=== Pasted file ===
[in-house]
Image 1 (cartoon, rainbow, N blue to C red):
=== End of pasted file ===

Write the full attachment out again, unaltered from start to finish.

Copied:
[in-house]
Image 1 (cartoon, rainbow, N blue to C red):